I normally pop vent in private. You know – if you can’t think of something nice to say, just spill it over a nice bourbon to your best friend. But me and Mariah go back like pop infantilization, and I need to process aloud my intimate disappointment with her most recent work.
I was gonna leave it at a Facebook post until I heard R Kelly on this album. His voice is a desperate canary in any pop singer’s coal mine. I generally don’t comment on famous people’s scandals, because who can really know? Except, you know, journalism.
When I was the age at which he would have been interested in me, I was hiding under covers with a Mariah tape in my walkman singing Always Be My Baby. I’m disappointed to hear his voice here, especially in what sounds like another gross narrative of his innocence. I removed the song from my playlist, but I’m not sure I can shake his verse from my view of this work.
And it kind of clicked something together in my mind about why Mariah has been coming up short for me since Glitter. She’s desperately clinging to the past.
She was ahead of her years in both vocals and content on her first album. But this most recent album, besides it’s unfortunate title, continues the trend of implying that Mariah never got past that moment. In fact I am beginning to wonder if the lyrics and presentation and vocal choices could actually indicate that she is unavailable for any emotions that might age her.
She adapts, which I am generally fan of. But not necessarily the good stuff. Mariah keeps learning the language and vocal styling of the lowest common denominator pop of the incoming generation, and adjusting. Her voice, within that hit-oriented container, is contorted. In the effort to quickly top charts, she loses her capacity to awe.
In a vacuum this might work, but I’ve listened to Little Dragon, Meshell, & Lykke Li’s new albums this month, each one amongst their best work, Lykke Li’s work an emotional revelation. And Beyonce is still right there. All maturing before our ears. So I am getting spoiled, I expect my artists to develop, grow, age elegantly.
In terms of the music, it’s certainly not a vision of love. It sounds like it was a first production effort by her church choir director, or by her teenage heartthrob husband Nick, or maybe herself with garage band (I speak from experience as a mixed girl with garage band – that’s private MC!).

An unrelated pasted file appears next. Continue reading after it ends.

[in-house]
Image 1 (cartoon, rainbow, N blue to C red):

Song after song, album after album, she surrenders her once glorious upper register to an oft giggly childish nasal tone that makes me think we wouldn’t get along anymore – keep in mind she was once my range ambition at five octaves! Now her runs are overwrought in a way that implies she couldn’t hold these notes and let the emotions run.
I accepted these floral concoctions as a teen. But now we can make other choices.
She brings Nas, Fabolous and other rappers in the studio with her, and it makes me miss Ol Dirty…even Puffy. But that might be nostalgic bitterness on my part, because somewhere in her effort to be a perpetual hip-hop princess, she’s sacrificed the grand potential of her octaves. It isn’t just hitting the notes, it’s filling them out with life.
To veer close to petty – I’m not convinced she understands the word elusive. But regardless, I don’t want her to tell me how to think of her. I want her to embody herself fully. That is what makes an artist irresistible to me, that is how she first appeared on the scene. Now she deploys multisyllabic vocabulary in her familiar oddly paced way, as if she perhaps longs to be a rapper at some tectonic level.
And yet…isn’t this my Mariah of unicorns, butterflies and rainbows, earnest romance, random visits to black church, abundant runs that indicate she lives an unedited life?
Yes, she is Mariah.
There are catchy tunes on this album that I could give in to. I feel some goodness in here. ‘Make It Look Good’ is the best song I’m hearing so far. Her babies are sampled in cute ways on ‘Supernatural’. If I forget we are grown women, there are moments that shine, that earn my shimmy and my nostalgia.
But even with the cute bits and occasionally lovely and innovative runs, I can’t green light this. Her look, her words, her sound all evoke a teenaged love affair, a girl afraid to be a woman, Romeo and Juliet forever sacrificing wisdom for romance, forever sixteen. I want to see a line on her face, hear her throaty experience show up in her songs, see a grown up sexual diva emerge – isn’t the butterfly a creature of spread wings?
Clinging is not healthy, clinging to one’s youth truncates the miracles that come as the gift after suffering. Clinging leads to bad choices. Mariah wants to look and sound like a sixteen year old. And R Kelly? He is the step too far in her role play.